On Egg Hunts

Months after the Easter egg hunt in our apartment complex in Asia, the kids and their friends found another Easter egg. A real egg. Left rotting for months outside in a climate of 110% humidity. Yuck.

We hid them pretty good, I guess. It was the find of a century in their minds, a marvel of discovery for a kid who played multiple times a week in that area. Then, one day, bam, an Easter egg!

It was disgusting. They didn’t eat it, fortunately. But, it provided tons of laughter amongst the childhood community in the area. That time we found the Easter egg! It gave them hope to continue looking for a plastic egg that might still have viable candy. They gained new focus in their outdoor play for a while.

Still, yuck.

Watching kids hunt for Easter eggs is pretty hilarious. Early on, we had to teach them to go get the egg. They were uninterested until they realized there was candy inside the plastic ones. Our oldest would then find the plastic eggs, pop them open, eat the candy, drop the egg. She preyed upon her little friend who hadn’t yet discovered the treasures inside her eggs by eating her friends candy too.

As they get older, the hunt evolved. It became about winning. Getting the most eggs. So, we met the challenge and tried to teach consideration. We established quotas and hid the eggs with a little more craftiness. But, whoever met their quota first “won”. What can I say? Human nature gravitates towards selfishness.

We urged them to hunt even when they didn’t want to hunt and the only eggs left were the second class citizens of Easter egg hunts, the hard-boiled eggs sweating off their color dye in the grass. Go get the half-cracked, weird grey egg that got dipped in all the dye cups! we cheered to no avail.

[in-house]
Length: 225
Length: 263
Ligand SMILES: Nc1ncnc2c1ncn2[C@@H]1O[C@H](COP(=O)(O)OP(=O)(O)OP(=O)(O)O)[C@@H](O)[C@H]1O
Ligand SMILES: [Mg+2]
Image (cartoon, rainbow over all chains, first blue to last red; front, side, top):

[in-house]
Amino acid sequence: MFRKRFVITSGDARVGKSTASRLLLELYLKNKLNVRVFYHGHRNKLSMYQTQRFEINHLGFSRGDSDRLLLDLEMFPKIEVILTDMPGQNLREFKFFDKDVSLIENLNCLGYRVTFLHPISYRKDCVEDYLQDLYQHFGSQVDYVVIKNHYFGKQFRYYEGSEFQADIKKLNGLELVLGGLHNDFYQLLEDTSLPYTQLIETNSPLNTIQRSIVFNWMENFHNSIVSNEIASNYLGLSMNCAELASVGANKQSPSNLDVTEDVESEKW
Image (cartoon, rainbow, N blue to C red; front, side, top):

Kind of explains the mystery of the undiscovered egg I guess.

One year I had to intervene to prevent a potty training kid from practicing in the Easter hunt area. Hey, don’t judge. We were in another country where this was not frowned upon for kids. We took advantage of the freedoms! It was a great place to potty train. Not the egg hunt area, the country.img_5535

Then there were adults who wanted to continue their family traditions of ultra competitive egg hunts. You know who you are. Those were the most fun to watch. Grown ups dressed in their Easter finest in an all out physical scramble to find the most eggs. Hilarious!

Last year, we introduced Cascarones to our celebration. Smashing eggs filled with confetti on each other fits our family life stage. It’s fun. Its violent. We play together. We’re adapting.

In all of the evolution of Easter traditions in our family, though, the one thread through it all is new life in Christ. The symbol of the egg in Easter.

Go find it, search aggressively for it, don’t let others get in your way, enjoy the treasures that reside within, help others find it, celebrate it with others.

Just find the new life, the breath of life, offered to all through Jesus’ sacrifice to free us from the deathly effects of sin.

Read more here and here.

Blood, The Color of Love

I reached up and opened a card. It looked promising. I read the inscription which dashed all my sentimental hopes. My only hope these days for meaningful inscriptions is a blank note and my own pen.

Valentine’s Day gets a lot wrong. Romance for romance sake. Elaborate, one-time displays of affection honored more than the constancy of daily warmth in the grind of life. Crude and scoffing cards meant to illicit laughter at the expense of respect.

But, it gets one thing right. The color of love is red.DSC_0039

Red is the color of blood, the color of oxygen infusing a liquid that brings life to the body. Red is the color of the dirt from which God created man in His image. God delighted in man. God loves humans. God loves you. God loves me.

Then, God loved enough to take on a body that pumped blood. After that, He loved enough to be tempted in every single temptation. He knows our pain, our sorrow, our sin. He took on all the hurt, pain, wrong, and disgusting perversion of every person on the planet and bled for it.